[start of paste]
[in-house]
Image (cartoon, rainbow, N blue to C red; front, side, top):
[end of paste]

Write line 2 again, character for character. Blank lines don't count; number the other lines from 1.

Image (cartoon, rainbow, N blue to C red; front, side, top):